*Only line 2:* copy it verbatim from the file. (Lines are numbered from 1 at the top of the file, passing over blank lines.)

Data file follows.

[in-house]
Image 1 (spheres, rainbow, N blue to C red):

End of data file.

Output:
Image 1 (spheres, rainbow, N blue to C red):